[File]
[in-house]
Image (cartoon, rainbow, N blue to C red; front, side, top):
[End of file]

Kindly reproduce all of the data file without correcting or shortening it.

[in-house]
Image (cartoon, rainbow, N blue to C red; front, side, top):